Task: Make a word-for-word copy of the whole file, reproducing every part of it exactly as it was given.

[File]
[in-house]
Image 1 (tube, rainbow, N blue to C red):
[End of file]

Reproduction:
[in-house]
Image 1 (tube, rainbow, N blue to C red):